“In our family “whim-wham” is code, a defanged reference to any number of moods and psychological disorders, be they depressive, manic, or schizoaffective. Back in the 1970s and ’80s – when they were all straight depression – we called them “dark nights of the soul.” St. John of the Cross’s phrase ennobled our sickness, spiritualized it. We cut God out of it after the manic breaks started in 1986, the year my dad, brother, and I were all committed. Call it manic depression or by its new, polite name, bipolar disorder. Whichever you wish. We stick to our folklore and call it the whim-whams.”

— David LovelaceScattershot: My Bipolar Family


Speaking in code is often our way of communicating to those who are curious. We seldom tell anyone we have bipolar disorder outright. Some of us tried, and failed; we fall back to “I’m just a little blue today,” or the classic, “I’m just woke up on the wrong side of the bed.” We really can be somewhat disingenuous.

All too often these are half-truths that deflect the sticky issues of a mental breakdown. We seek to salvage some kind of dignity, or evade the inevitable stigma that would certainly come if we told the truth. We choose to evade, but at a cost.

I struggle with the stigma of both bipolar disorder and epilepsy. I’m still uncomfortable when others seem uncomfortable with me. So, I have developed a general rule:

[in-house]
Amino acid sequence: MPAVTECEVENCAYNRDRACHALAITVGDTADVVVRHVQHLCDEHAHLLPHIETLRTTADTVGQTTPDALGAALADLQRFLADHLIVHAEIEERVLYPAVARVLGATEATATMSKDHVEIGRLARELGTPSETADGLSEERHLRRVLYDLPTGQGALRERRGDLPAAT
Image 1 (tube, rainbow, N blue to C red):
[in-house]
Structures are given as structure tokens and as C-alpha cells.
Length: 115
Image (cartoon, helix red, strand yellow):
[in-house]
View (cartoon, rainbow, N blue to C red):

Bryan’s Rule #14, “Never reveal your illness, except to qualified people.”

I suppose this adds a layer of personal security. The occasions I have violated this rule have resulted in awkward pauses and odd looks. Afterwards, the relationship changed. It was as if I suddenly sprouted a second head, or something.

As Christian believers, I know we are supposed to walk in the truth. But exactly how truthful am I supposed to be? I’ve always had an iconoclastic streak, and I love stretching the social boundaries of others. Bipolar disorder has been an illness made-to-order for people like me.

Bryan’s Rule #15, “Openness can be a true step toward my healing.”

But it take truth to change. We really need to be honest by bringing things into the light. Obscuring the truth keeps us isolated and distant from others. Will speaking forthrightly about my bipolar disorder be a challenge? Of course. But necessary if I want to heal and cope.